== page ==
Two weeks ago in Wheeler v. Allstate Ins. Co., 2015 WL 5714392, 2015 U.S. Dist. LEXIS 131736 (C.D.Utah, Sep. 29, 2015), a Utah court barred coverage for a mold loss caused when a vacant log cabin suffered a long-term water leak.  The policy excluded “seepage or leakage over a period of weeks, months or years,” and the judge held that that language embodied the concept that such a loss was a moral hazard – a preventable risk best assumed by the policyholder rather than by his or her homeowners insurer.

The insured owned a seasonal cabin in Duck Creek that was not used during the winter months, and his practice was to leave both the water and the heat turned on.  At some point during the early months of 2011, a valve under the sink in the basement wet bar failed.  The consequences were discovered when the wife of one of his employees visited the building in April, 2011.  According to the insurance adjuster’s report, there was “extensive mold damage throughout the house” and “[m]old upstairs on every wall and ceiling in [the] home.”  Water district records showed that the policyholder’s water bill had jumped from $15 in January to $93.75 in March, but this went unnoticed because the bills were “automatically paid” by his office.

The cabin was covered by a Deluxe Homeowners Policy, and the insured made claim for the loss.  Exclusion 3 of the contract of insurance barred coverage for loss caused by “[s]eepage, meaning continued or repeated seepage or leakage over a period of weeks, months or years, of water . . . from a plumbing . . . system or . . . from, within, or around any plumbing fixtures,” while Exclusion 7 barred coverage for loss from wear and tear, deterioration, latent defect and rust or corrosion.  Exclusion 7 had an exception, however, that recited that if those perils

cause the sudden an accidental escape of water or steam from a plumbing . . . system . . . within your dwelling, we cover the direct physical damage caused by the water or steam.

The carrier inspected the dwelling and issued a denial letter citing the seepage exclusion only seven days after being notified of the claim.  The insured then brought suit, asserting: (1) that Exclusion 7’s exception was ambiguous; and (2) that his loss was covered under Exclusion 7 as a “sudden and accidental escape of water.”

Two weeks ago Magistrate Judge Brooke Wells rejected those arguments and granted the insurer’s motion for summary judgment.  The court found that the provisions of the contract of insurance were “clear and not ambiguous” in nature.  The Judge also rejected the attempt invoke Exclusion 7’s exception because the policy barred coverage for loss from long-term seepage.  As the decision explained, “the plain reading of Section 7 demonstrates that the exception is triggered only if no other exclusion applies.”  The Judge agreed with Schwartzenfeld v. National Mut. Fire Ins. Co., 2011 Mich. App. LEXIS 752, 2011 WL 1565466 (Mich.App. 2011), quoting that case for the following proposition:

Further, “[c]overage” under a policy is lost if any exclusion in the policy applies to the insured particular claims.  Exclusions serve to limit the scope of coverage provided and must be read with the policy as a whole and independently of every other exclusion.”  Therefore, “[b]ecause the loss is excluded, the exceptions do not apply.”

Finally, the court was unpersuaded by the policyholder’s assertion that Exclusion 3 did not apply because he was only seeking to recover for non-mold damage caused during the first three days after the leak.  In her words:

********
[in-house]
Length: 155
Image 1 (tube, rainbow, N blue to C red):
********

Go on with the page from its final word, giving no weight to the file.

Because the damage to Plaintiff’s cabin was so extensive and was not found for at least 60-70 days, it is difficult if not impossible for the Court determine exactly what amount of damage would have occurred in the first few hours and days.

Judge Wells’ decision also contains a useful discussion of moral hazard.  On direct, the carrier’s expert had explained that this defense deals:

with “attitude rather than intention.  It deals with loss or damage that occurs that and/or is increased because of less-than-conscientious attitude on the part of the homeowner towards the proper maintenance and care of the property insured.”  Therefore “continuous or repeated seepage or leakage of water from a plumbing system is considered a moral hazard because the damage and/or the extent of loss can be limited or prevented entirely through proper maintenance and attentive care of the property insured.”

As the opinion explained:

the Court agrees with [insurer’s expert’s] analysis of the contract where she stated: “[t]he clear meaning when Exclusion 3 is read together with the exception to Exclusion 7 is that loss can start as a sudden and accidental escape of water, but if ignored and allowed to continue, the resulting damage is NOT sudden and accidental.

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Allstate did not assume the risk that Plaintiff was going to leave his cabin unattended for months at a time, just like the insurance company in Schwartzenfeld did not assume the risk that a leaky bathroom would take a considerable amount of time to discover.  Rather, the Court finds it is Plaintiff rather than Allstate who was in the best position to assume the risk that a leak might develop if the water was left on.  The Court understands that Plaintiff left the water on in order to prevent the freezing of pipes but again, that is a risk and that is best assumed by the homeowner and not an insurance company.

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This reasoning is line with Allstate’s arguments both in their briefs and at oral argument that if Plaintiff had discovered his loss in a more timely fashion, perhaps there would have been coverage but because Plaintiff’s loss was over an extended period of time, the exclusionary language precludes Plaintiff’s recovery.